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Discussion in 'Recent Oakley Purchases' started by dave m, 5/13/14.
Where did you purchase them? Ebay???
Yes, does that alter your opinion or advice?
First thing I would do is contact the seller and politely describe your issue. Sometimes a seller will work with you toward a resolution if the product was not as described. If you attempt this and cannot reach a satisfactory resolution, you can file a claim through Paypal (if that was how you paid) if there is a significant difference between the item and the description in the listing. It can take time and patience, but I have had claims refunded this way. If the damage occurred in the mail, a claim can be filed if you purchased insurance on the shipment.
Contact the seller first and see if you guys can work something out. Good luck!!!
If these are original, vintage blades, then it would be nearly a miracle to find a pair that doesn't have some sort of crack in them. Even pairs that sit in display cases have been cracking. These look in fabulous condition to me for their age! If these are the newly issued ones, then yes, take some action.
Thanks for the info both of you.
I did drop him an email and just as you say nicely that it was a bit more worn than I expected, however the arms and front of the frames were so clean/clear I wondered if people had found they were breaking even without use. They are vintage as it were midwestbroncosfan, I really wanted to get a pair the same as I had when I was younger, doubt I'll wear them much and cheaper than a "heritage" pair!
The cracking was due to the curvature of the lense inside the frame putting stress on the frame. Result...cracks.
To expound on this a little further - The method of holding the lens in place on Blade, M Frame, and M2 glasses is to mis-match the curve of the frame and lens. Putting them together requires both to flex and the tension, along with the friction from the lens in the frame, keeps everything in place. You're in essence loading it like a spring.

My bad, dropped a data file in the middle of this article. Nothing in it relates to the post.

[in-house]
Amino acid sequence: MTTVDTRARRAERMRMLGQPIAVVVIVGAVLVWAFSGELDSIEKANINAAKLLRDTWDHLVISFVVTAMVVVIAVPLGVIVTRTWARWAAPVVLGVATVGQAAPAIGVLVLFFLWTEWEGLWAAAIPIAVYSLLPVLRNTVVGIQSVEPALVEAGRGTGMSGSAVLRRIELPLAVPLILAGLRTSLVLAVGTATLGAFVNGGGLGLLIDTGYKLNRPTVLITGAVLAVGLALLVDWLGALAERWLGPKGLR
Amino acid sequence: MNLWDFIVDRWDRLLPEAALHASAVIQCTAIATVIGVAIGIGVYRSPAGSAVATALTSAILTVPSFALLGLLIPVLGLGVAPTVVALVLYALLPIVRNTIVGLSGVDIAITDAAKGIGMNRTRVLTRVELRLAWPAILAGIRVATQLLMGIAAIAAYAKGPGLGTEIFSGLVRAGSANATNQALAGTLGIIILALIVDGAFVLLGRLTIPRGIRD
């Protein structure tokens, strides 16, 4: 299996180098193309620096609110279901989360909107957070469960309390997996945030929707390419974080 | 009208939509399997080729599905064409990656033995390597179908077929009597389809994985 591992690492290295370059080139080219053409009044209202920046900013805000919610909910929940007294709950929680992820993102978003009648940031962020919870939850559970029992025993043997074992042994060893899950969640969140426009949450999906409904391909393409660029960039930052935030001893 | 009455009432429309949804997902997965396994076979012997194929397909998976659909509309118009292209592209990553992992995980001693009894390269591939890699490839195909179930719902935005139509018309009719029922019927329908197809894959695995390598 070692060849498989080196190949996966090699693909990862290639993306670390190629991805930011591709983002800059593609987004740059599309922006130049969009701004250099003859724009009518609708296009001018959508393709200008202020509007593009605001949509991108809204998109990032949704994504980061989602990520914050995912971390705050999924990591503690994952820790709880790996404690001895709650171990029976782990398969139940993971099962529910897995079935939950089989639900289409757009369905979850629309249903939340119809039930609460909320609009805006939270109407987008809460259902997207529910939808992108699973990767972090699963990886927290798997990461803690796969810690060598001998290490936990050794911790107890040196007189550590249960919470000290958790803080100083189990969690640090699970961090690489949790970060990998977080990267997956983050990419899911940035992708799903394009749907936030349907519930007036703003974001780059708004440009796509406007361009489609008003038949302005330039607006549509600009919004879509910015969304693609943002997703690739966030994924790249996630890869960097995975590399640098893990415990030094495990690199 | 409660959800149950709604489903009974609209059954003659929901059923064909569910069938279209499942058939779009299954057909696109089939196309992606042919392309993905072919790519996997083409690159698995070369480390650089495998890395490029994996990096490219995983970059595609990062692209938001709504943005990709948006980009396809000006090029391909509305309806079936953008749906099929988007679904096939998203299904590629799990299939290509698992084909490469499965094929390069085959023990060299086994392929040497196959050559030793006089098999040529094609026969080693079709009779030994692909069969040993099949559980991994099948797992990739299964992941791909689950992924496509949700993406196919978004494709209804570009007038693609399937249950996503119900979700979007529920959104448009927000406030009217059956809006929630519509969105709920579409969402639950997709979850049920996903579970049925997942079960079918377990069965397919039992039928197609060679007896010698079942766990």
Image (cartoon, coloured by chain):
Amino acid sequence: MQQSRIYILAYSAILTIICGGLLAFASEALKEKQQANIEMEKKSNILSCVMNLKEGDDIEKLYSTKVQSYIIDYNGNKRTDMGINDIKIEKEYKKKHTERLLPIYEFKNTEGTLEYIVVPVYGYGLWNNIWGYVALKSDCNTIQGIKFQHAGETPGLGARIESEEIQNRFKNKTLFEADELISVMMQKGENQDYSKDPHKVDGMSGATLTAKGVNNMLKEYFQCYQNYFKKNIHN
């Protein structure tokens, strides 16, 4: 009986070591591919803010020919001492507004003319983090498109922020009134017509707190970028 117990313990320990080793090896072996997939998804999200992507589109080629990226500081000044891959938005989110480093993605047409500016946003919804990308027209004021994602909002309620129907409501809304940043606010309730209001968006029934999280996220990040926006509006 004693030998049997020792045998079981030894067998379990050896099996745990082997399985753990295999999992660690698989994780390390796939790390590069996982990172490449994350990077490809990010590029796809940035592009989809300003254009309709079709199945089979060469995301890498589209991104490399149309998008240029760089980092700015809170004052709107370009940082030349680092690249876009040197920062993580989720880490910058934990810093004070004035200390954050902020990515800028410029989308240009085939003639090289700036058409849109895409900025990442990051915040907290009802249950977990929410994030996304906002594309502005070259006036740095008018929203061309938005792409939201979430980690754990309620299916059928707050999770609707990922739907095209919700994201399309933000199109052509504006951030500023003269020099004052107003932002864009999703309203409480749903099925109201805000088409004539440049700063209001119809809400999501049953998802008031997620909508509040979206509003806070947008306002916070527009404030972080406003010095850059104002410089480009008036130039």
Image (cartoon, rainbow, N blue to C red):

To borrow the definition of Static Fatigue from the science dictionary.org
--"The phenomenon of a material failing at a smaller load than that required to cause short-term failure, after a period of constant loading by the smaller load; the load necessary to produce static fatigue decreases with increasing time under load. In brittle materials, static fatigue is due to the slow growth of sub-critical cracks to a length at which they will propagate catastrophically; in ductile and/or viscoelastic materials it is due to the progress of plastic or viscoelastic deformation ie creep to the point where catastrophic yielding can occur."
The early plastic used in Oakley's frames were thin and brittle.
This sounds odd to me. They were described as being used (read: not new) condition, but never actually used (red: worn)?
wow bro looks like these are knock offs hmmmm. correct me if im wrong
VERY WELL PUT!
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